By still unknown mechanisms, depression seems to have a negative impact on basic cardiovascular functions. For instance, reductions in heart rate variability  and baroreflex sensitivity  as well as increases in blood pressure or hypertension  have been reported in depressed patients. These changes might explain why depression is a risk factor for cardiovascular diseases, and increases mortality and morbidity in patients with myocardial infarction or heart failure [14,15]. In this study, we found that depressed women have significantly higher systolic pressure (by an average of 6.5 mmHg) and also tend to have a higher mean arterial pressure (by an average of 4.2 mmHg). Interestingly, increases in systolic and mean arterial blood pressure are more evident in individuals with minor, as compared to major, depression. For the majority of depressed subjects, their systolic and diastolic pressures remain within the normotensive range . Nevertheless, it is noteworthy that several epidemiological studies have suggested a continual and gradual increase in cardiovascular risks with increased systolic and diastolic blood pressure, even when pressures remain within normal range [31,32].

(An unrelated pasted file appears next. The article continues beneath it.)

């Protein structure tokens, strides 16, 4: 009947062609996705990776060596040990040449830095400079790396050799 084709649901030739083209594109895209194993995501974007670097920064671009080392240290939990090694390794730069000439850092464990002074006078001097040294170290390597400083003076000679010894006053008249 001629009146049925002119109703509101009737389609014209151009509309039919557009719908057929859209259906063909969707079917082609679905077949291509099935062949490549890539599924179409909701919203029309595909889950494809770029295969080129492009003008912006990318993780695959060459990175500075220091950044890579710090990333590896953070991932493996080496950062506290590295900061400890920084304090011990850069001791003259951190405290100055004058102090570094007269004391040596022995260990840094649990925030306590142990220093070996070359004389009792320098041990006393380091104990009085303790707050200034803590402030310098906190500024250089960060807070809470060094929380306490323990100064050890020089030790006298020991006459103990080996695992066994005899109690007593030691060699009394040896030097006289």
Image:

There is strong evidence from laboratory animals that eCBs are involved in the regulation of blood flow and blood pressure, especially in pathophysiological conditions such as hypertension . Exogenous addition of AEA or 2-AG can reduce cardiac contraction, vascular tone and arterial blood pressure [19-23]. Importantly, Kunos and colleagues [22,33,34] have demonstrated that the hypotensive effects of AEA are more pronounced in hypertensive, anaesthetized animals. Indeed, in Spontaneously Hypertensive Rats, a commonly used model for genetic hypertension, inhibition of enzymatic degradation of endogenous AEA is sufficient to reduce blood pressure . Notably, modulation of eCB signaling, by using AEA enzyme inhibitors or CB1 receptor antagonist, regulates blood pressure in hypertensive, but not normotensive rats. These results suggest that an eCBs tone limits the extent of hypertension under pathophysiological conditions. This might explain our observed correlations of eCBs and blood pressure in the depressed (hypertensive) but not in healthy subjects. On the other hand, increases in blood pressure have recently been shown to elevate AEA content in the regulatory center for baroreceptor reflex . It has been proposed that AEA enhances baroreflex function, which might be compromised in depression , by increasing neuronal activity at the nucleus tractus solitarius [35,36].